Much like the shape-shifting substance it regulates, the mercurial enforcement rule that governs mercury emissions from coal-fired power plants has changed unpredictably several times in recent years. During the past decade, the rule has undergone a number of major revisions driven by political pressures from environmentalists, public health entities, electric utility advocacy groups, and other interested stakeholders.

Mercury’s Impact on Human Health

The U.S. Environmental Protection Agency (EPA) is mandated to regulate mercury emissions based on concerns about the contaminant’s effect on human health. Exposure to mercury can occur from breathing contaminated air and ingesting contaminated water and food. Mercury exposure at high levels may damage the brain, kidneys, and developing fetuses, according to the U.S. Agency for Toxic Substances and Disease Registry.

The most common mercury exposure route for the majority of people is not through inhalation of air-borne fumes but, rather, through the consumption of fish and shellfish that contain large quantities of mercury. After mercury is released into the environment as part of the emissions from coal-fired power plants, it enters the air and then rains down into streams and other water bodies, where it can be ingested by microscopic organisms that convert it into methylmercury. This form of mercury can accumulate in the tissue of fish and other organisms. Currently, the U.S. Food and Drug Administration has set the maximum permissible level of methylmercury in seafood at 1 part per million.

The Mercury Rule’s Recent Roller Coaster History

In February 2008, the U.S. Court of Appeals for the District of Columbia Circuit threw out the EPA’s Clean Air Mercury Rule (CAMR). The 2005 CAMR required coal- and oil-fired power plants to cut their mercury emissions by 70% by 2018 and created a national emissions trading program to cut industry compliance costs.

A companion rule issued at the same time as CAMR reversed the 2000 Clinton-era determination that utility emissions of mercury and other hazardous air pollutants (HAPs) must be regulated under the maximum achievable control technology (MACT) standard, which is a much stricter requirement than the 70% reduction required under CAMR.

Once the appeals court’s order went into effect in 2008, the Clinton EPA’s finding was reinstated as the law governing mercury emissions, pending the EPA developing a new MACT standard. In February 2009, the Obama administration’s EPA asked the U.S. Supreme Court to dismiss a petition brought by the Bush EPA in 2008 asking the high court to review and overturn the U.S. Court of Appeals’ 2008 ruling that struck down CAMR.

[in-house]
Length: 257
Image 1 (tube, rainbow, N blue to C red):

EPA’s Current Efforts to Develop a New Rule

Now the EPA is working on a new air toxics emissions standard for power plants under the Clean Air Act (Section 112), consistent with the D.C. Circuit’s opinion regarding CAMR. The EPA intends to propose air toxics standards for coal- and oil-fired electric generating units by March 10, 2011, and finalize a rule by November 16, 2011, as ordered under the court’s consent decree.

On December 24, 2009, the EPA approved an Information Collection Request requiring all U.S. power plants with coal- or oil-fired electric generating units to submit emissions information for use in developing the agency’s proposed air toxics emissions standards.

Based on mercury controls in place or proposed for power plants, the new federal standard is likely to be in the range of 85% to 90% mercury removal, according to many industry analysts. If the EPA moves to adopt the MACT standard for utility HAPs, including mercury, that will probably mean that all U.S. coal-fired plants will either have to install scrubbers and particulate controls by 2015, dramatically cut their hours of operation, or shut down.

Seeking Certainty in Mercury Regulation

As quirky as quicksilver, the mercury rule has moved all over the regulatory landscape in recent years and left electric utilities guessing what steps they might need to take in order to comply. Now electric utilities once again are waiting to see what the latest version of the rule will be. In particular, power companies seeking to build new coal-fired units have to deal with the hurdle of changing laws driven by the political agendas of diverse groups. Many projects are on hold until utility management has some certainty about what their facilities’ compliance obligations will be under the new rule that is scheduled to go into effect in late 2011.

Fortunately, some utilities, such as Southern Co., are finding that one possible cost-effective approach to complying with the upcoming revised mercury rule may be to use “co-benefits” from air quality control systems already in service that are designed to remove other pollutants (see “Determining AQCS Mercury Removal Co-Benefits” in our July 2010 issue).

The U.S. electric power industry needs regulatory predictability in order to operate efficiently. Hopefully, once the EPA takes action next year, its new mercury rule will allow utilities to act with certainty as far as implementing effective mercury control measures to protect human health and the environment.

Angela Neville, JD, is POWER’s senior editor.